The NSW Treasurer has made the claims that Sydney is Australia’s most exceptional city in a bid to make economics a key talking point of next year’s election.
Treasurer Dominic Perottet told the Business Council of Australia that Sydney was the only city to make it into the McKinsey 50 superstar cities of the world list.
“But only one Australian city made the cut – Sydney. Sydney is our most exceptional city and NSW our most exceptional state,” he said.
Mr Perottet said that NSW was the only state to have had a remarkable 200 years and was the home of the biggest and best world-beating businesses like Macquarie Bank.
“If you want your business to be on the global stage, Sydney is the place to be. As an aside: If NSW is the head office of Australia, South Australia is the call centre, Victoria the maintenance department and Queensland the lunch room,” he said.
Mr Perrott said NSW would also have to think big to keep its head position and one of the sectors which he wanted to focus on was the finance sector.
“While Sydney is already ranked a top-10 global financial centre, we must consolidate our position as a financial hub. And we must set out boldly for the next frontier in finance: fintech. Almost two-thirds of Australia’s fintech companies are headquartered here.
“We’re ranked the eighth strongest fintech hub in the world by Deloitte. But there is more to do,” he said.
He stressed that NSW must remain the dominant fintech force but also create a culture of innovation that expanded further.
“That culture extends beyond fintech and into the broader ICT industry. Deloitte has estimated that by 2020, the ICT sector will contribute $139 billion to the Australian economy each year – a 75 per cent increase from 2014.
“Here in NSW, around 260,000 people were employed in ICT in 2017 – and that number is predicted to grow to 300,000 over the next four years,” he said.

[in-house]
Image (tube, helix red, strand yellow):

The Treasurer announced that the regulatory environment needed to improve in order to make doing business easy and to do so he had appointed a productivity commissioner.
“I appointed our first ever NSW Productivity Commissioner this year. He’s already produced a plan to simplify payroll tax administration that will save business $10 million in compliance cost a year,” he said.
Mr Perottet attributed much of the state’s success so far to government initiatives that have seen low unemployment and a triple-A credit rating being secured.
“The NSW economy has been growing at an above-trend rate for three of the last four years. We’re using our financial strength to help with the cost of living and cut taxes for business,” he said.
The Treasurer finished his speech with an announcement to look ahead so that NSW could remain a leading state.
“So today I can announce that I have asked the NSW chief economist, Stephen Walters, to work with industry stakeholders to develop a detailed economic vision for NSW 2050.
“Much of groundwork has already been started, and I have asked the chief economist to deliver the strategy next year,” he said.
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